The High Court has declared the appointment of 128 Kenyans including senior politicians to various state parastatals in 2018 unconstitutional.
In a ruling delivered on Thursday, a three-judge bench quashed all gazette notices issued in relation to the designations.
The judges ruled that there was no transparency and fair competition in the appointments, dealing President Uhuru Kenyatta — the appointing authority — a huge blow.
Individuals who were appointed to various government parastatals during the period include former Chief of Defense Force Julius Karangi, former Baringo Governor Benjamin Cheboi and Margaret Saitoti.
Other Kenyans affected are Linus Gitahi (Non-Executive Chairperson, Brand Kenya Board), Kathleen Openda (Chairperson, Council of the Kenya Institute of Mass Communication), Flora Mutahi, (Chairperson, Anti-Counterfeit Agency Board), David Were (Chairperson, Kenya Broadcasting Corporation), Immanuel Ichor Imana (Chairperson, Kenya International Convention Centre Board) and Jackson Kiptanui (Chairman, Kerio Valley Development Authority).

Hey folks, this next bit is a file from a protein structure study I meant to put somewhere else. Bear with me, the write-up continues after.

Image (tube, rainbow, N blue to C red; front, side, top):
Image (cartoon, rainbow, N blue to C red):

Reacting to the ruling, Attorney General Kihara Kariuki asked the court to stay the judgment for 30 days.
However, Lawyer Dudley Ochiel, who is representing Katiba Institute, opposed the application and asked the court to order the IG to file a formal application.
The ruling comes a month after Justice Anthony Murima ruled that the creation of the Chief Administrative Secretary (CAS) office was unconstitutional.
The posts were created by President Kenyatta in 2018.
The posts, critics say, were rewards for his supporters who lost their political seats in the 2017 General Election.
“I have decided to establish a new position in government, the position of Chief Administrative Secretary in all our ministries. The Chief Administrative Secretary would broadly be responsible for helping the Cabinet Secretary to better coordinate the running of the affairs of their respective ministries,” the head of state said.
Justice Murima also noted that Cabinet Secretaries (CS) who are still in office but were not vetted in 2017, are in office illegally.
The judge also said that principal secretaries not competitively recruited by the Public Service Commission (PSC) are contravening the Constitution.
He did, however, suspend his decision for 30 days to allow the Attorney General file an affidavit on ethnic and gender composition of the Cabinet.